To Build A.I. Technology, Start-Ups Turn to Bigger Rivals for Help

The tech industry loves garage startup stories. From Hewlett-Packard to Google, the stories of self-made giants have inspired generations of entrepreneurs.

However, a start-up that wants to succeed with today’s hottest technology, the artificial intelligence used in chatbots like ChatGPT and Google Bard, will need huge amounts of money and computing power to make such an impressive move. tales may be becoming a thing of the past.

In 2019, Aiden Gomez and Nick Frost left Google to found an AI startup in Toronto called Cohere that could compete with their former employers. A few months later, they returned to Google, asking if they would sell the vast amount of computing power they would need to build their own AI technology. After Google CEO Sundar Pichai personally approved the deal, the tech giant gave them what they wanted.

“It’s ‘Game of Thrones.’ That’s what it is,” said David Katz, a partner at Cohere’s first investor, Radical Ventures. Big companies like Google, Microsoft and Amazon control the chip, he added. “They control computing power,” he says. “They are choosing who gets it.”

It’s hard to build a groundbreaking AI startup without the backing of a “hyperscaler” that manages the vast data centers where AI systems can run. And it puts the industry giant back in the driver’s seat of what many expect to be the most significant change for the tech industry in decades.

OpenAI, the startup behind ChatGPT, recently raised $10 billion from Microsoft. Most of that money will go to Microsoft in exchange for time on massive clusters of computer servers run by larger companies. Spanning thousands of specialized computer chips, these machines are essential to improving and expanding your skills in ChatGPT and similar technologies.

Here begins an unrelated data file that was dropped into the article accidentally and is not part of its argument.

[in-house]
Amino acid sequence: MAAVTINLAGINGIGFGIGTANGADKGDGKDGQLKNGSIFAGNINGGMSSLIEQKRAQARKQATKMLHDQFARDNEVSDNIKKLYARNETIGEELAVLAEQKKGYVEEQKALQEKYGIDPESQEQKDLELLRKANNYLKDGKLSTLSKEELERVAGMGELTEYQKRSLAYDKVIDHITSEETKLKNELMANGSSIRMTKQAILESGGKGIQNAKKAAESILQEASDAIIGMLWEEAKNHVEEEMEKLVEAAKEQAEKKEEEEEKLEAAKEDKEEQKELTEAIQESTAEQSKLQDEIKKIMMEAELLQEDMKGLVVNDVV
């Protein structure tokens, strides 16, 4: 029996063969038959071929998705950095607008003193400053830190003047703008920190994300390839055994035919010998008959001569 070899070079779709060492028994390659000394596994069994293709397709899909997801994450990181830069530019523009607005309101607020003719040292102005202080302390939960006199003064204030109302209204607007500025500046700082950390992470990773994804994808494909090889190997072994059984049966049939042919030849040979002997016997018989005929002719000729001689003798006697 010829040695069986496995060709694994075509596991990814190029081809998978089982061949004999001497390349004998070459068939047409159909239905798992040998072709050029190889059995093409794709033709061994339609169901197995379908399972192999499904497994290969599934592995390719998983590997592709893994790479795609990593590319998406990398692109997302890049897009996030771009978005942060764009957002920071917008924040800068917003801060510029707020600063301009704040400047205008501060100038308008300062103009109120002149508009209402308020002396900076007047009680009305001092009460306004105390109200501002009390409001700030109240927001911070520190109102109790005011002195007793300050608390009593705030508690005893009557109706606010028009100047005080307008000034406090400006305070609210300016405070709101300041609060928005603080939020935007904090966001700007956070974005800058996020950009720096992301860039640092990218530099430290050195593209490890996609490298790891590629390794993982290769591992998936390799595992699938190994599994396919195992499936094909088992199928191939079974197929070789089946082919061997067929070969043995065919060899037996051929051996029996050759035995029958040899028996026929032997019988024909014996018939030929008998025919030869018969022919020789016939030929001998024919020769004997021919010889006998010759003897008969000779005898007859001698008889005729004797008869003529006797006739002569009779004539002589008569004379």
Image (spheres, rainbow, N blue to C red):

Competitors won’t be able to catch up to OpenAI unless they get comparable computing power. Cohere recently raised $270 million, bringing the total raised to over $440 million. Much of that money will be used to buy computing power from Google and others.

Other startups have made similar arrangements, most notably a Silicon Valley company called Anthropic, founded in 2021 by a group of former OpenAI researchers. Character.AI was founded by his two leading researchers at Google. Inflection AI founded by former Google executives. Inflation raised $1.3 billion in a funding round last week, bringing the total to $1.5 billion.

At Google, Gomez said, transformersthe underlying technology used to create chatbots such as ChatGPT and Google Bard.

Transformer is a powerful example of what scientists call neural networks, mathematical systems that can learn skills by analyzing data. Neural networks have been around for years, helping power everything from conversational digital assistants like Siri to instant translation services like Google Translate.

Transformers took the idea into new territory. Running hundreds or even thousands of computer chips allows us to analyze more data faster.